Tuesday, April 9, 2013

Despite RTE, the poor are turned away

Despite RTE, the poor are turned away

Thursday, Jul 19, 2012, 9:30 IST | Place: Mumbai | Agency: DNA
Parents with an annual income of less than Rs1 lakh are lodging complaints with the education department against schools refusing to admit their wards in the 25% quota.
Even after the implementation of the Right to Education (RTE) Act, access to education has not become any easier for students from the weaker sections of the society.
Parents with an annual income of less than Rs1 lakh are lodging complaints with the education department against schools refusing to admit their wards in the 25% quota.
Abdul Karim Ansari, a parent and a tailor from Agripada, had lodged a complaint with the education department, school education minister Rajendra Darda and additional secretary JS Saharia on July 4.

The complaint, lodged with the help of National Students Union of India (NSUI), states that St Joseph School, which falls within one kilometre of Ansari’s residence, rejected his application of admission. Ansari, whose annual income is Rs80,000 per annum, says that the school turned him away when he approached for his four-year-old daughter, Aasna’s admission in the junior KG under the 25% reservation quota.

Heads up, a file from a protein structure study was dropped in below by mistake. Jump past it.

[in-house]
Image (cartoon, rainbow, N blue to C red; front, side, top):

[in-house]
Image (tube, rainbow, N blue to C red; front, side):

“The school told me that the preschool section was private and not aided by the government. Hence they could not take my daughter in. I want admission in this school as it is only two minutes away from my residence,” Ansari said.
When contacted, the school authorities told DNA that they have not implemented the 25% quota in the preschool section as it unaided.  A school authority said, “Our school is minority aided only from class 1 and hence we do not have 25% reservation for students of the junior and senior KG.”
However, according to officials in the education department, RTE is applicable at entry levels in the schools, even if those sections are unaided. A senior education official from the education department, south zone, said, “If the junior and senior KG section of a school is unaided, but class 1 onwards the school is aided, the school will have to implement 25% quota at the entry level itself. After all, these students will pass onto class 1, which is aided.”
Another parent, Salim Shaikh, has complained his son Sohail Shaikh did not get admission for class 7 in any school in his neighbourhood in Bandra (East).
“For the last five years, he has been travelling for more than an hour to school every day. Even the education department had given us a letter asking schools to admit my ward on humanitarian grounds, but the schools only turned us away,” he said.

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